Geoscientists: Major CO2 Cuts Needed NOW!

Environmental Science & Technology
February 6, 2008

Geoscientists call for deep cuts in CO2
Scientific societies are making ever-stronger calls to slow climate change.
http://pubs.acs.org/subscribe/journals/esthag-w/2008/feb/science/ee_agu.html

The world’s largest society of earth scientists
has released its strongest statement yet on
climate change. The 45,000-member American
Geophysical Union (AGU) says warming must be
limited to no more than 2 °C above preindustrial
levels by cutting CO2 emissions by more than half
within this century.

The climate “is now clearly out of balance and is
warming,” the statement begins. It states
unequivocally that recent warming is caused by
humans and warns that warming of more than 2 °C
would disrupt civilization by “reducing global
agricultural productivity, causing widespread
loss of biodiversity, and-if sustained over
centuries-melting much of the Greenland ice sheet
with ensuing rise in sea level of several
meters.” The statement is the first revision of
the society’s official position on climate since
2003 and is its first to recommend policy action
to cut emissions.

“The scientific community has to assume greater
responsibility to inform the public and policy
makers in a responsible, calm way,” said AGU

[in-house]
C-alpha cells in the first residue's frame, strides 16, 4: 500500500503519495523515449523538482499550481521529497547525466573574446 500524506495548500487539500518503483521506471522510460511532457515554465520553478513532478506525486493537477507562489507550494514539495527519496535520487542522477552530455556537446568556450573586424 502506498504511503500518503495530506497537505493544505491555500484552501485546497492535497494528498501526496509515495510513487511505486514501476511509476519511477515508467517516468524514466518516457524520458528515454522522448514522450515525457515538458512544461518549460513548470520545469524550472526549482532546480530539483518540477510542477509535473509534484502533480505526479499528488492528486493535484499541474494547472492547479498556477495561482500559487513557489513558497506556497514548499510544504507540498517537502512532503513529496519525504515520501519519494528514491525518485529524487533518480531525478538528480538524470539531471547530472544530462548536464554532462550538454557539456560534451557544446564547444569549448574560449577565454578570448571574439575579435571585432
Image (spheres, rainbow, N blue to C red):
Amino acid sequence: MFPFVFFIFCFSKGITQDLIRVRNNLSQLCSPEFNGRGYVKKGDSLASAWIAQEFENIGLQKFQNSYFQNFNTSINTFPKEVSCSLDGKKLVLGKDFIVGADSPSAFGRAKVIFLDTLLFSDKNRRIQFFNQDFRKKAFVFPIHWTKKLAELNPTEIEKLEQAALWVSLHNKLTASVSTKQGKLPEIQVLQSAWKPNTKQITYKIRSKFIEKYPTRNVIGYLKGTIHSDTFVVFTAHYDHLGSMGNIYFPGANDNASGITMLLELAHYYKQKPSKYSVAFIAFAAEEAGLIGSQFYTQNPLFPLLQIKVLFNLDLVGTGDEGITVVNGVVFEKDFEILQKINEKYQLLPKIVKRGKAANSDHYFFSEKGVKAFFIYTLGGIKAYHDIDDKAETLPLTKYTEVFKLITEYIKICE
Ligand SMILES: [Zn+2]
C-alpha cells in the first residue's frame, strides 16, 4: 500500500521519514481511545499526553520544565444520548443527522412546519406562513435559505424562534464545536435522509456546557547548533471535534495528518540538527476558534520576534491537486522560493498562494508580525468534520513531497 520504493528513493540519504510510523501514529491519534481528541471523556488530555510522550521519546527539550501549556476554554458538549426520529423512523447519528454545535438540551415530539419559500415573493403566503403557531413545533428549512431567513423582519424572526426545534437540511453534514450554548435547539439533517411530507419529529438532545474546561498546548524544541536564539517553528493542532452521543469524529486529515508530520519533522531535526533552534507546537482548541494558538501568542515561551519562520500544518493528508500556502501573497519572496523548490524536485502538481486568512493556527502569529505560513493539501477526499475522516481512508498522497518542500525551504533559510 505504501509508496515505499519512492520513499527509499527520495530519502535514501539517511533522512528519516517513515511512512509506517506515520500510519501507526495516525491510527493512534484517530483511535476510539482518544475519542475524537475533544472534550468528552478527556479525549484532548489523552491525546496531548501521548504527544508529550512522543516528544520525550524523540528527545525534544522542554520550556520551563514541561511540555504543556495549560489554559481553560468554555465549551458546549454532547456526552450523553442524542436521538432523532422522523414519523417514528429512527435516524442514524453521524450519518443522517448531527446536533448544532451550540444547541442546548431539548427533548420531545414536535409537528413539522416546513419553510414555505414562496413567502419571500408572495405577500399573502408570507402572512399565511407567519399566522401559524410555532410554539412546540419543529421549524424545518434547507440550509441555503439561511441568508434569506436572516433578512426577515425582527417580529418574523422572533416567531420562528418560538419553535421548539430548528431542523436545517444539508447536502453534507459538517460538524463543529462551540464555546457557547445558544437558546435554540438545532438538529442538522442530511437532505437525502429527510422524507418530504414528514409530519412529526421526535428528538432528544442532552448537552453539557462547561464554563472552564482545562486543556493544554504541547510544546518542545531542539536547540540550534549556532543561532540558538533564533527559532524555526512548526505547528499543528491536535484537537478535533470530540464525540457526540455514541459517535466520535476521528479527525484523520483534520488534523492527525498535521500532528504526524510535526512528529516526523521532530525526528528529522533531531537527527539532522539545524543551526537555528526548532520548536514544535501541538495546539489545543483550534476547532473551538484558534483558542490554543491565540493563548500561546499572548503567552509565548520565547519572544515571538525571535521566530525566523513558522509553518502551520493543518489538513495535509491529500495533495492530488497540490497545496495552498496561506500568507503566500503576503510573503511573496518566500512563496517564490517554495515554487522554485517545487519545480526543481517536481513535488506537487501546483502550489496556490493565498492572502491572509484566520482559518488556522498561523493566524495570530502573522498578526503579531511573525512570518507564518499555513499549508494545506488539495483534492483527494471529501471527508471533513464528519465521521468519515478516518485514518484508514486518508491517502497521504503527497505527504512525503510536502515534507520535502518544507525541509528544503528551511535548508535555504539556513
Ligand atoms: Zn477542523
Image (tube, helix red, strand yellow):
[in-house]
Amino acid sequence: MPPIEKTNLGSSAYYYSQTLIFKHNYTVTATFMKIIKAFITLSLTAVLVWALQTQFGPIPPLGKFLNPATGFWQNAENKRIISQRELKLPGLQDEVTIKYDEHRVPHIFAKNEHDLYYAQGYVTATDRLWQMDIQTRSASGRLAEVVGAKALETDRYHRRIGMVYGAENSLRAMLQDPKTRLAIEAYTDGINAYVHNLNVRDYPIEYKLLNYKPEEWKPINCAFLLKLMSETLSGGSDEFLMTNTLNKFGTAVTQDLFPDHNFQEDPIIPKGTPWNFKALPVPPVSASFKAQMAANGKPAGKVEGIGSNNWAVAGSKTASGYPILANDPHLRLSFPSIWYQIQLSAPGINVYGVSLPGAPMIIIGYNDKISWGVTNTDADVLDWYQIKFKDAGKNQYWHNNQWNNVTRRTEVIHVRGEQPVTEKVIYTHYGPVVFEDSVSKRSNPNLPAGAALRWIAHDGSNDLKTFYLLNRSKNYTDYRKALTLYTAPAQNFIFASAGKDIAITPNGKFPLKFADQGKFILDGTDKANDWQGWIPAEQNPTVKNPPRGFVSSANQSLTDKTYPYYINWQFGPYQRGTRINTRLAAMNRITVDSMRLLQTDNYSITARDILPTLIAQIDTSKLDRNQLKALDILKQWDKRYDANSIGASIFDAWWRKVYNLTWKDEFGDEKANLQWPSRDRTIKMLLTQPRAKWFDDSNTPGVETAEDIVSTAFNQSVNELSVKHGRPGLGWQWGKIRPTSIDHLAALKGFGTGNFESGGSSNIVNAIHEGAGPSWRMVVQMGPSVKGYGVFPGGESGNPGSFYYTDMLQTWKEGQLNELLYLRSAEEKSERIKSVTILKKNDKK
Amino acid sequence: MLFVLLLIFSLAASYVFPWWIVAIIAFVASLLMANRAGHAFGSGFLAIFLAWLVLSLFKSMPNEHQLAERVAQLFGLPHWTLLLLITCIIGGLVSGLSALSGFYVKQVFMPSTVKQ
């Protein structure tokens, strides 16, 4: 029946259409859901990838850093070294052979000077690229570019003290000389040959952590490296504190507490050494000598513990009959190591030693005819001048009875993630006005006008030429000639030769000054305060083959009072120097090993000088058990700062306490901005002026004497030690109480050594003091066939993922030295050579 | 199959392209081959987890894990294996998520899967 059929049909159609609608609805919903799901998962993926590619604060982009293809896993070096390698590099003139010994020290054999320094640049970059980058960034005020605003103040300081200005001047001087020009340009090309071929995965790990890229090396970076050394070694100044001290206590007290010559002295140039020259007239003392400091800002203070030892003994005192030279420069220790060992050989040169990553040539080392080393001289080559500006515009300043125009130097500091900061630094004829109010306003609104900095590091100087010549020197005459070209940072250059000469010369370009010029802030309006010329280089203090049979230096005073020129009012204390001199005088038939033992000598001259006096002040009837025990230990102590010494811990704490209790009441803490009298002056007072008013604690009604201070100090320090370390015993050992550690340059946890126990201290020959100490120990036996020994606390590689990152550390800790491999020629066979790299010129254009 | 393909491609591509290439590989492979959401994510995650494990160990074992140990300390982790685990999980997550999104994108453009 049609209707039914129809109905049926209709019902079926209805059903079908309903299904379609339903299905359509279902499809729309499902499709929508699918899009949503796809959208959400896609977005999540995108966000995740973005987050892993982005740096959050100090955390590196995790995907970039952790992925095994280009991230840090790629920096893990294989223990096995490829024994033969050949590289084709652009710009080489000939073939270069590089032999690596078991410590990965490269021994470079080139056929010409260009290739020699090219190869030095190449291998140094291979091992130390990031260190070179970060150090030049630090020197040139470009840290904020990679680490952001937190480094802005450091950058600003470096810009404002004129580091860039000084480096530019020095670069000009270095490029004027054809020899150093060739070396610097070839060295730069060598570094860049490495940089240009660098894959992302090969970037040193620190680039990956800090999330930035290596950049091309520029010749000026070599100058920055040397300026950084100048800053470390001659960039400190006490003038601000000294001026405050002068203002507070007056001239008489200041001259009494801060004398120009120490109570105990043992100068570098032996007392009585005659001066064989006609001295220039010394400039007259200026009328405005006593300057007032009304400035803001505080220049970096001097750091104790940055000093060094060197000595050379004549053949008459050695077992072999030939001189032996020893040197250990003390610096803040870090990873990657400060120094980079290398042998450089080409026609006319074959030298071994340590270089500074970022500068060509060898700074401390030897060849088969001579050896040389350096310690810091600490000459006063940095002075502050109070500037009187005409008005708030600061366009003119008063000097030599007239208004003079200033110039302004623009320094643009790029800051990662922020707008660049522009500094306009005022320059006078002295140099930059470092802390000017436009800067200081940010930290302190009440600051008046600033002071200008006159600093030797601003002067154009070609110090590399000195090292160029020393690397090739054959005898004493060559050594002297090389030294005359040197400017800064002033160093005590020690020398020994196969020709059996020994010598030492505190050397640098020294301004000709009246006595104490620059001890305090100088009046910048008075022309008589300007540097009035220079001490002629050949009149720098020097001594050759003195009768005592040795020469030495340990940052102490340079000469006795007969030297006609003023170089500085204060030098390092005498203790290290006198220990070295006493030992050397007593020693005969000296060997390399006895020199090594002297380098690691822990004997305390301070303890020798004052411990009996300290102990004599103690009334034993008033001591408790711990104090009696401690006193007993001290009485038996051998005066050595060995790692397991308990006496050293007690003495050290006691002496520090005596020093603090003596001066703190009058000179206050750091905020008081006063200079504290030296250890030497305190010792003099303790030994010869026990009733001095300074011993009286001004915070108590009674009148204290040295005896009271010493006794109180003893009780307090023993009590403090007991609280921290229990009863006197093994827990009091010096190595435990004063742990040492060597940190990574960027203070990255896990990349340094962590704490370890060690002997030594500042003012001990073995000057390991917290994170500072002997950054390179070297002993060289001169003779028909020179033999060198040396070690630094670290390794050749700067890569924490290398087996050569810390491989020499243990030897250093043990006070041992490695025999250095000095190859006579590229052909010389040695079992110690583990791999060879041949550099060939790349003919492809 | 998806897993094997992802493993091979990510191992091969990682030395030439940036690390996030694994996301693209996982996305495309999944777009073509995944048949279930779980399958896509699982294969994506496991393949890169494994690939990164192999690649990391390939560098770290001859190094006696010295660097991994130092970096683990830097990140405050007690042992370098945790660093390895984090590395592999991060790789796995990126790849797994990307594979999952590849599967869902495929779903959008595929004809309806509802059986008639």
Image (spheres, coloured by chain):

president Timothy Killeen at a press conference
announcing the statement. “You can’t expect
geoscientists to create policy,” he said, “but
they can analyze it.”

Many scientific societies now have official
positions on climate change, which point to human
causes and warn with increasing intensity of dire
consequences. Statements have been issued by the
American Meteorological Society, American
Chemical Society (PDF: 39 KB), American Institute
of Physics, American Association for the
Advancement of Science (PDF: 33 KB), Engineers
Australia, and Geological Society of America, in
addition to several joint statements issued by
international science academies.

No major body representing science researchers
refutes the basic science pointing to human
influence on climate. Two professional societies,
the American Association of Petroleum Geologists
and the American Association of State
Climatologists (PDF: 88 KB) have issued
statements that recognize human influence on
climate but also point to uncertainties in future
scenarios. -ERIKA ENGELHAUPT

Copyright © 2008 American Chemical Society

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